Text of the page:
APPEAL from the Circuit Court of Cook County; the Hon. WILLIAM
V. BROTHERS, Judge, presiding.
MR. JUSTICE KLINGBIEL DELIVERED THE OPINION OF THE COURT:
The State of Illinois appeals from a judgment of the circuit court of Cook County dismissing its suit against Windy City Motor Service, Inc., for motor vehicle license fees and taxes. The public revenue is involved. The question is whether the proceeding was commenced within two years after dissolution of the corporation as contemplated by section 94 of the Business Corporation Act. Ill. Rev. Stat. 1959, chap. 32, par. 157.94.
The relevant facts are undisputed. The defendant corporation was dissolved on January 27, 1953. On the following June 17, the present complaint was filed alleging the liability of defendant for the license fees and taxes, the amount of which is not in question. Summons directed for service upon defendant's named registered agent was issued June 18 and returned "not found" on June 30. Successive alias summonses were issued on August 17, 1953, May 5, 1954, and March 21, 1955, each of which was directed for service upon the registered agent and was returned "not found." On June 20, 1955, further summons was issued which was returned on July 5, 1955, showing service on the registered agent more than two years and five months after dissolution. It appeared by affidavit that the named registered agent had not been an actual officer, director, shareholder, employee or agent of the corporation since January 14, 1953.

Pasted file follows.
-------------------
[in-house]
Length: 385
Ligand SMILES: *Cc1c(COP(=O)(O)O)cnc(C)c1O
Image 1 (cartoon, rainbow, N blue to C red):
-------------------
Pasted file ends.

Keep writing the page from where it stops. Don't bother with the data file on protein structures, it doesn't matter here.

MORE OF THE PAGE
Section 94 of the Business Corporation Act provides that "The dissolution of a corporation * * * shall not take away or impair any remedy available to or against such corporation, its directors, or shareholders, for any right or claim existing, or any liability incurred, prior to such dissolution if action or other proceeding thereon is commenced within two years after the date of such dissolution." (Ill. Rev. Stat. 1959, chap. 32, par. 157.94.) Prior to 1941 the relevant portion of this section preserved liability "if suit thereon is brought and service of process had within two years after the date of such dissolution." (Ill. Rev. Stat. 1939, chap. 32, par. 157.94.) (Emphasis supplied.) Plaintiff argues that the General Assembly, by deleting the words "and service of process had," indicated an intention to change the law so that only the institution of suit, and not the service of process, needs to occur within the two-year period. The contention appears to be sound. Defendant makes no attempt to explain what other reason there could be for the change, nor does it make any answer whatever to plaintiff's position. Instead, the defendant contends that the service was properly quashed because the person upon whom it was had was no longer its agent and because plaintiff's efforts to obtain service fail to show reasonable diligence.
The argument based upon an absence of agency in fact cannot be accepted. In law, a duly appointed registered agent for the service of process continues as such for the purpose of proceedings brought after dissolution unless he has resigned as provided in the statute, and it is not contended that the agent in question had so resigned. Nor is there any merit in defendant's argument that plaintiff failed to show reasonable diligence. The suing out of four summonses between June 18, 1953 and June 20, 1955, is diligence enough, insofar as we can ascertain from the record in this case.
The circuit court erred in quashing service of summons. The judgment is reversed and the cause is remanded with directions to deny the defendant's motion to dismiss.
Reversed and remanded, with directions.